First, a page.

The Areopagus in Athens

“Now the story of Christ is simply a true myth: a myth working on us in the same way as the others, but with this tremendous difference that it really happened: and one must be content to accept it in the same way, remembering that it is God’s myth where the others are men’s myths: i.e. the Pagan stories are God expressing Himself through the minds of poets, using such images as He found there, while Christianity is God expressing Himself through what we call ‘real things’. Therefore it is true, not in the sense of being a ‘description’ of God (that no finite mind could take in) but in the sense of being the way in which God chooses to (or can) appear to our faculties. The ‘doctrines’ we get out of the true myth are of course less true: they are the translations into our concepts and ideas of that which God has already expressed in a language more adequate, namely the actual incarnation, crucifixion, and resurrection. Does this amount to a belief in Christianity? At any rate I am now certain (a) That this Christian story is to be approached, in a sense, as I approach other myths. (b) That it is the most important and full of meaning. I am also nearly certain that it really happened…”

This quotation is from CS Lewis in a letter to Arthur Greeves: from The Kilns (on his conversion to Christianity), 18 October 1931. it captures the thought process of CS Lewis at a point in time as he was becoming convinced of the truth of Christianity.


If you have read much of what I write, you would readily notice that I quote and reference CS Lewis often. He resonated with me in college, and he continues to resonate with me.

He is cited by more diverse groups of people, perhaps, than any person I can think of. He had a unique way of approaching things from fresh points of view, often pulling those fresh ideas from the dusty tomes of ancient literature. His concept of myth and True Myth is one such point (which actually comes from JRR Tolkien).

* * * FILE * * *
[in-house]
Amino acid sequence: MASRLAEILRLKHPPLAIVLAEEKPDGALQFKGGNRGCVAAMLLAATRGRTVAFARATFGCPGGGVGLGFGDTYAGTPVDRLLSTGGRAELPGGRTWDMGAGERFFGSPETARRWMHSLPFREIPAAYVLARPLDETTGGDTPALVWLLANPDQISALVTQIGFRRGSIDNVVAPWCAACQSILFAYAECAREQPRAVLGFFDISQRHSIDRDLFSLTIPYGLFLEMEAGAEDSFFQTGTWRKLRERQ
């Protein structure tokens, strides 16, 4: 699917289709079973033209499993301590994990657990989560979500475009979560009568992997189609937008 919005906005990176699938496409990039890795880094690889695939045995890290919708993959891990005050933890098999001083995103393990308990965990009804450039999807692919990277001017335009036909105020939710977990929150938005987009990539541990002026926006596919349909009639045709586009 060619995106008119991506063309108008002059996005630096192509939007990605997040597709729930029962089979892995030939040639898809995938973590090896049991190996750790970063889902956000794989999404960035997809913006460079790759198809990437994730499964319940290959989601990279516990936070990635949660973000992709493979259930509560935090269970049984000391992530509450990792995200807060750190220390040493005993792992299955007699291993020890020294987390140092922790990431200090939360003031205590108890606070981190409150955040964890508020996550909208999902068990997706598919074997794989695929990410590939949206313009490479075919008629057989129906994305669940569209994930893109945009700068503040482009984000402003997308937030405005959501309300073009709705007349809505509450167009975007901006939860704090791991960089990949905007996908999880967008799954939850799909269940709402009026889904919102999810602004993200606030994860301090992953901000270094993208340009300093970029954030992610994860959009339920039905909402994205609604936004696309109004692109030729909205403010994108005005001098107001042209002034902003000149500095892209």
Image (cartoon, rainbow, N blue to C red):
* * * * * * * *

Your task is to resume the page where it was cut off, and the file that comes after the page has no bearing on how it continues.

Some might consider his frequent allusions to ancient, pagan myth heretical, and some might even confuse his love of pagan myth as New Age. I find him to be extremely orthodox in unorthodox ways, and I find his creative approaches to orthodoxy to be refreshing and thought-provoking.

We don’t have to look any further than the ultra-orthodox, Apostle Paul, to find some common ground with CS Lewis. When Paul was in Athens, some Epicureans and Stoics he met in the marketplace brought him to the Areopagus to address an erudite Greek crowd. In that address, Paul referenced an altar inscribed “To An Unknown God” and quoted Aratus, a Greek poet:

“in him we move and live and have our being”.

Acts 17:22-28 (quoting from Phenomena 5)

Paul used a quotation from a pantheistic, pagan poet to convey a theistic principle about God. (See Acts 17:22-28 – Quoting the Philosophers?) Paul connected with the people “where they were”, using language and references they understood to convey something about God. Paul’s use of pagan poetry to introduce people to the Gospel similar to the way CS Lewis relates the ideas of myth to True Myth.

It’s interesting to me, as well, that Paul knew enough about pagan poetry to quote Aratus. In Titus 1 (v. 12), Paul quotes a Cretan philosopher, Epimenides. Again, it’s striking that Paul knew enough about pagan philosophy that he could quote Epimenides.

CS Lewis observes that myth contains some elements of truth, which shouldn’t be surprising at all, as truth is universal and should, therefore, be something that is universally recognized. The difference between myth and True Myth, according to Lewis and Tolkien, is that (ultimately) all myth is a shadow of the True Myth.

All myth is an attempt to shine light on truth. True Myth is the ultimate Light shining on the ultimate Truth.

All myth conveys truth through storytelling. True Myth isn’t just another story, though; it is The Story. It isn’t “just” myth, but reality – “it really happened,” as CS Lewis says.

The True Myth is the Gospel. God, the Creator of the universe and everything in it, created man in His own image as His crowning creation. Then, He became a man, injecting Himself into His own creation, in order to communicate His very heart to us and to rescue us from going our own way and missing the ultimate purpose for which God created us – to have loving relationship with God, our creator.

Continue reading “CS Lewis on the “True Myth””